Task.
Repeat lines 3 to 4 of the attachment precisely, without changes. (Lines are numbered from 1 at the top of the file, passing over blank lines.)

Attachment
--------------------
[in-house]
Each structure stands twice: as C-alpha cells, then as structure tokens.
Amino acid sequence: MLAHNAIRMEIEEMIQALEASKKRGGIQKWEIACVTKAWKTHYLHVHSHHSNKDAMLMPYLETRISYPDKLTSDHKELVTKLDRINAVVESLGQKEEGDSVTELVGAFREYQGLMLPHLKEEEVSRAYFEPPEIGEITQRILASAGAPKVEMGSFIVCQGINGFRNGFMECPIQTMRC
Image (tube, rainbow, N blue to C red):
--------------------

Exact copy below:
Amino acid sequence: MLAHNAIRMEIEEMIQALEASKKRGGIQKWEIACVTKAWKTHYLHVHSHHSNKDAMLMPYLETRISYPDKLTSDHKELVTKLDRINAVVESLGQKEEGDSVTELVGAFREYQGLMLPHLKEEEVSRAYFEPPEIGEITQRILASAGAPKVEMGSFIVCQGINGFRNGFMECPIQTMRC
Image (tube, rainbow, N blue to C red):